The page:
KGAF: A closer look at lives of sex workers’ kids | mumbai | Hindustan Times
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KGAF: A closer look at lives of sex workers’ kids

A presentation by NGO Kranti, which works with children of sex workers, traces the tragic circumstances that shaped the childhoods of these girls, and also features performances by rescued former sex workers and daughters of sex workers, aged 10 to 18.

mumbai Updated: Feb 09, 2016 01:23 IST
Apoorva Dutt
KGAF

Lal Batti premiered in India on Monday afternoon, as part of the SBI Bank theatre section of the HT Kala Ghoda Arts Festival, after a series of critically acclaimed stagings across the US in May and June last year.(Pramod Thakur)

It’s a familiar scene: the visiting neta, the photo ops with grateful women, the social worker with the self-righteous air that can come from working with the disenfranchised in Mumbai.

But, a change. One of the girls stands up and has the audacity to ask for more than a chance to be a seamstress or domestic help. She wants to work with computers.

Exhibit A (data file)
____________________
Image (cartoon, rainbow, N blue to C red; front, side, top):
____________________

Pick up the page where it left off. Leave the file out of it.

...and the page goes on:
“Aukaaad mein raho! (Stay within your limits!),” the social worker barks. At this point, the girl turns and asks the audience: “Why do my dreams have to be smaller than yours?”

This is the essence of Lal Batti, a play that premiered in India on Monday afternoon, as part of the SBI Bank theatre section of the HT Kala Ghoda Arts Festival, after a series of critically acclaimed stagings across the US in May and June last year.

A presentation by NGO Kranti, which works with children of sex workers, the play traces the tragic circumstances that shaped the childhoods of these girls, and also features performances by rescued former sex workers and daughters of sex workers, aged 10 to 18.

The play has been written and directed by the girls themselves.

“All the incidents you see are drawn directly from the experiences of the girls,” said Robin Chaurasiya, cofounder of Kranti.

In a positive twist, the tour of the US included trips to the offices of American NGOs working for the rights of sex workers and marginalised youth, and to universities and schools.

On Monday, the play concluded with an emotional Q&A session, which included many rounds of spontaneous applause as the girls discussed the issues they had raised with their audience.

“I didn’t even realise that I had some level of inbuilt discrimination against these girls until the end of the play,” said Ashok Mathur, 65, of Cuffe Parade, a retired businessman. “On some level I had lower expectations from the girls because of their background, and when they said they had travelled across the world, I was surprised. The play has really shaken me out of this misguided way of thinking.”